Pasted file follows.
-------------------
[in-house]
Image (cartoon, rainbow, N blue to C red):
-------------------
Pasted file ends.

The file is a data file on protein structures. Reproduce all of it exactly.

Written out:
[in-house]
Image (cartoon, rainbow, N blue to C red):